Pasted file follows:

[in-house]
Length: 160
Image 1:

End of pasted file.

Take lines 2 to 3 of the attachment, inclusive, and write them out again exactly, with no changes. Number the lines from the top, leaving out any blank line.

Length: 160
Image 1: